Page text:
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The new economic-policy regime in Sweden in the 1990s included deregulation, central-bank independence, inflation targets and fiscal rules but also active labour market…
The new economic-policy regime in Sweden in the 1990s included deregulation, central-bank independence, inflation targets and fiscal rules but also active labour market policy and voluntary incomes policy. This chapter describes the content, determinants and performance of the new economic policy in Sweden in a comparative, mainly Nordic, perspective. The new economic-policy regime is explained by the deep recession and budget crisis in the early 1990s, new economic ideas and the power of economic experts. In the 1998–2007 period, Sweden displayed relatively low inflation and high productivity growth, but unemployment was high, especially by national standards. The restrictive monetary policy was responsible for the low inflation, and the dynamic (ICT) sector was decisive for the productivity miracle. Furthermore, productivity increases in the ICT sector largely explains why the Central Bank undershot its inflation target in the late 1990s and early 2000s. The new economic-policy regime in Sweden performed well during the global financial crisis. However, as in other OECD countries, the moderate increase in unemployment was largely attributed to labour hoarding. And the rapid recovery of the Baltic countries made it possible for Sweden to avoid a bank crisis.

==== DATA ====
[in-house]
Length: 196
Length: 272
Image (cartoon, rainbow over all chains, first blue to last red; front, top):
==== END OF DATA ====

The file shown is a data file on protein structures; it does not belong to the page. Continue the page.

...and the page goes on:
The assignment of targets to instruments in developing countries cannot satisfactorily follow any simple universal rule. Which approach is appropriate is influenced by…